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WINSTON-SALEM, North Carolina (Reuters) - Former U.S. Senator John Edwards goes on trial Monday on charges he used illegal campaign contributions to cover up an affair with a mistress who became pregnant during his failed bid for the 2008 Democratic presidential nomination.
Edwards is accused of accepting more than $900,000 in campaign funds from two wealthy donors, knowing the exposure of his extramarital affair "would destroy his presidential campaign," prosecutors said in a trial brief.
The candidate at the time was a married father of three, whose late wife, Elizabeth, had breast cancer.
Jurors will hear opening statements the federal courthouse in Greensboro, North Carolina.
Edwards, 58, is accused of conspiring to solicit the money, receiving more than the $2,300 allowed from any one donor, and failing to report the payments as contributions.
He faces six felony counts, each carrying a sentence of up to five years in prison and a $250,000 fine.
Edwards admits personal failings but insists he broke no laws.
Edwards' defenders say the government is overreaching with its prosecution of Edwards, the son of mill workers who earned his fortune as a trial lawyer in North Carolina before being elected as a U.S. senator from the state in 1998.
His defense lawyers dispute the Justice Department's interpretation of federal election laws, arguing the donors would have given the money regardless of the campaign and did so knowing it wouldn't be used for campaign purposes.
The money was not spent to influence the election but rather to conceal the affair and resulting pregnancy from Edwards' wife and children, they said.
Edwards never personally received any of the payments, nor did his campaign. The money was used to cover living expenses and medical care for his mistress, campaign videographer Rielle Hunter, rather than traditional campaign activities.
"This is expanding the scope of the definition of campaign contribution," said Ron Wright, a law professor at Wake Forest University who is not involved in the case. "It is an unprecedented definition."
The defense is expected to call two former Federal Election Commission members who, if allowed by the judge, would testify they believe Edwards did not violate campaign finance laws.
Hampton Dellinger, a former deputy attorney general who has followed the Edwards case, said the campaign finance experts' testimony could be pivotal.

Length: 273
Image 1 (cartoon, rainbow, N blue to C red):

The missing pieces of the case also could be significant, he said. Neither of the two donors whose payments are in question are able to testify.
Fred Baron, who served as Edwards' national campaign finance chairman in 2008, has since died, and heiress Rachel "Bunny" Mellon is 101 and physically unable to attend the trial. Elizabeth Edwards died in 2010.
A chief government witness will be Andrew Young, a campaign aide who later wrote a tell-all book about Edwards' affair and the efforts to keep it out of the public eye.
Young, who was granted immunity, initially claimed he had fathered a child with Hunter, who is also expected to testify. A lawsuit settlement earlier this year between Young and Hunter called for copies of a videotape purported to show her having sex with Edwards to be destroyed.
Edwards' defense team, recently reshuffled to include the lawyers who represented Hunter in the civil case, has indicated it will attack Young's motives and credibility.
Edwards, who also ran for president in 2004 before becoming John Kerry's vice presidential running mate the same year, has his own credibility issues. He repeatedly denied having an affair and daughter with Hunter, and finally admitted paternity two years after the child's birth.
"This case is not so much the United States v. John Edwards, it's Andrew Young v. John Edwards," Dellinger said. "And I think the jury's determination about which one of them is more credible may be one of the key factors in deciding whether Mr. Edwards is guilty."
The trial could last until late May or early June. A conviction would make what qualifies as a campaign contribution less certain for future candidates, said law professor Wright.
"It's going to mean lots more lawyers employed by campaigns," he said. "There's going to be a lot more legal risk involved in election reporting if the government wins this."
Editing by Daniel Trotta and Doina Chiacu